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Aquinas - Summa Theologica The Summa Theologica was written 1265-1274, and is composed of three major parts, each of which deals with a major subsection of Christian theology:
First Part: God's existence and nature; the creation of the world; angels; the nature of man.
* First Part of the Second Part (I-II): general principles of morality (including a theory of law).
* Second Part of the Second Part (II-II): morality in particular, including individual virtues and vices. Third Part: the person and work of Christ; the sacraments; the end of the world.
The third part was left unfinished by Aquinas. Quaestio 91 (I-II) - 'Of the various kinds of law' Six points of inquiry: (1) Whether there is an eternal law?
(2) Whether there is a natural law?
(3) Whether there is a human law?
(4) Whether there is a Divine law?
(5) Whether there is one Divine law, or several?
(6) Whether there is a law of sin?
(1) Whether there is an eternal law Objections: (A)
1. A law is a law if it is imposed upon someone.
2. There is nobody in eternity save God.
3. A law cannot be imposed upon God.
4. Therefore no law can be imposed in eternity.
5. Thus there is no eternal law. (B)
1. A law is only a law if it is promulgated (announced or decreed).
2. There is no-one from who a law can be promulgated in eternity.
3. Thus promulgation did not come from eternity.
4. Thus there is no eternal law.
But - in (A) God is in eternity. In (B) No-one in eternity can promulgate laws. So God cannot promulgate laws. Would Aquinas agree with this?
1. A law is promulgated toward a particular end.
2. Nothing that aims toward an end is eternal, since 'the last end alone is eternal'.
3. Thus there is no eternal law.
'the last end alone is eternal' - presumably the point Aquinas is endeavouring to make is that things set toward particular ends cannot be eternal, since the fact that they have been set toward an end necessitates there being some point prior to their being on that path, at which that path was determined. 'On the contrary': (A) Augustine argues 'that law which is the Supreme reason cannot be understood to be otherwise than
unchangeable and eternal'. Supreme reason - God's reason is absolute, complete, unchangeable and eternal, and essentially thus comprises a law. Aquinas: (A) A law is simply a dictate of reason promulgated by a ruler of a community. The universe can be thought of as a 'community' under the rule of 'Divine Providence'. This conception of the universe gives the governance of the 'Divine Reason' over the universe the appearance of law. Since God is not bound by or subject to time (Prov. 8.23 'I was set up from everlasting, from the beginning, or ever the earth was' (KJV)), this kind of law (the Divine Reason) must be eternal. 'Divine Reason' - Aquinas is suggesting that the manifestation of God's will in the universe bears all the hallmarks of 'laws' as we know them, and that this is enough to consider them laws. Is it enough?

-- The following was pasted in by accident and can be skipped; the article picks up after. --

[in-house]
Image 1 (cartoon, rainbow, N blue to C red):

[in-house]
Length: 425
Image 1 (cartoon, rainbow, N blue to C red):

Everything in the universe happens according to and by grace of God's will, so if we are to consider the two examples as both 'laws', this suggests our earthly conception of laws includes it being impossible to contravene these laws. Aquinas is equating necessity with law (or obligation, or incentive?). Replies: (Objection A) Those things that have yet to come into being 'exist' in some sense in eternity with God, since he has pre-ordained them and foreknows them (Rom. 4.17 'who... calleth those things which be not as thought they were' (KJV)). Thus 'someone' exists in eternity for a law to be imposed upon, thus Divine law (is Aquinas using Divine Reason and Law interchangeably here?) bears the character of a law, since it is ordained by God (a ruler) to govern things known to him, and exists in eternity, and thus is an eternal law. (Objection B) Promulgation occurs through writing or speech, and Aquinas points to instance of both in the case of the Divine: 'the Divine Word, and the writing of the Book of Life'. Both the Word and the writing are eternal. (Objection C) Aquinas clarifies that a law implies order toward a particular end actively, in directing certain subsequent events, in accordance with the law, toward that end, but not passively, in the sense being essentially ordained toward a particular end. In fact, it is the giver of the law who is directed toward an extrinsic or anterior end, but in the case of Divine law, Aquinas argues, the end toward which the law is directed is only God himself, and the Divine law is inseparable from God. Thus, Divine law is not directed toward an end other than itself.
2) Whether there is a natural law Objections (A) Unclear.. there is no natural law in us because we are governed sufficiently by the eternal law - 'that by which it is right that all things should be most orderly' - and nature 'does not abound in superfluities'. Thus there need be no further, natural law. Not clear that this is definitely what Aquinas is saying. (B)
1. Laws direct man, in his actions, toward an end.
2. Directing man's actions is not nature's role, since man is not an 'irrational' animal (man is governed by his own volition).
3. Thus no law is natural to man. (C)
1. The more a being is free, the less he is under the rule of a law.
2. Man is freer than the animals, on account of free will.
3. Animals are not subject to natural law.
4. Thus man is not subject to natural law.
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